Viewers hungry for sappy drama with no hooks or surprises will find much to like about "Moment of Truth: Cradle of Conspiracy," a two-hour telefilm that meanders in search of a finale. Contrary to its title, program reveals nothing exculpatory and may send viewers to alternate programming by the first break.
Viewers hungry for sappy drama with no hooks or surprises will find much to like about “Moment of Truth: Cradle of Conspiracy,” a two-hour telefilm that meanders in search of a finale. Contrary to its title, program reveals nothing exculpatory and may send viewers to alternate programming by the first break.
When their teen daughter hooks up with a sleazy Romeo, Suzanne Guthrie (Dee Wallace Stone) and hubby Jack (Carmen Argenziano) question his motives.
But, fearful of alienating daughter Kristin (Danica McKellar), the parents go along with the program until tragedy strikes: Kristin takes off with him.
Inquiries by the couple uncover that the boyfriend, Kenny Trask (Kurt Deutsch), is an advance man for an out-of-state bad guy who deals in black-market babies. They also learn their daughter is pregnant.
The search is on, but not before plenty of mother-father introspection and finger-pointing, in an attempt to determine which parent is the most responsible for the slide of their G-rated daughter into the seamy underground.
The emotional battle between the pair takes as much a toll on the viewers as on the couple, as the story sinks deeply into direct-to-video B-movie fodder.
Enter a succession of inept cops, hamstrung district attorneys who have little legal jurisdiction, and an indictment of a system that protects the politically powerful — the baby-ring kingpin apparently has friends in high places — and the story becomes a by-the-numbers drama.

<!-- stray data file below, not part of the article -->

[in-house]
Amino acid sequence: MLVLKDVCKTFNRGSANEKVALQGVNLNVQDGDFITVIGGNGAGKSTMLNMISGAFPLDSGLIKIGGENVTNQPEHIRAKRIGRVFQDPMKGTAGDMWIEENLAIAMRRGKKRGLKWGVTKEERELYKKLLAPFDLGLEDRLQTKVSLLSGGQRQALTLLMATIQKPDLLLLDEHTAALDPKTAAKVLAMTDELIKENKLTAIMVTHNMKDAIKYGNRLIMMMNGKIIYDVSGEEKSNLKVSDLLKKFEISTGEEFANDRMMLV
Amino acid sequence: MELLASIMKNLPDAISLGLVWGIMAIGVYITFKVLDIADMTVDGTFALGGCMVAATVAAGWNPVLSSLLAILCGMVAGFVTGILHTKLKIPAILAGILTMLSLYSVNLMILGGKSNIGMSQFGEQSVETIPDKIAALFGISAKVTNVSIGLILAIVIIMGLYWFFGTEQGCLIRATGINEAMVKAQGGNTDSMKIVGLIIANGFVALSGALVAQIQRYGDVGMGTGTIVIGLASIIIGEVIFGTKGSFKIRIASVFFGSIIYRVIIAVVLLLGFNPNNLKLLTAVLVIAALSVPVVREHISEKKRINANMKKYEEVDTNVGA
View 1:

While Deutsch is convincing and compelling as the potentially endearing con man, scriptor Jayne Martin gives him and most of the cast little to work with.
Trite conversations and wishy-washy dialogue comprise the bulk of main characters’ exchanges, causing the pic’s slow start to be doomed by an even slower evolution of both characters’ motives and story’s unfolding.
Although McKellar’s work as the sweet-16 character who prefers to distrust the parents instead of the real foes, and appears incapable of rational thought, is well-conceived and taut, it may ultimately lack the necessary support to keep viewers interested.
Director Gabrielle Beaumont initially prefers to give Stone plenty of backbone, but inexplicably allows the veteran actress to drop the ball in midcourt, opting for a more hysterical take on the problems at hand.
A show-closing kidnap attempt by Trask is too little too late, as the neatly tied bow around the happy ending is pulled very tight just in time for the end credits.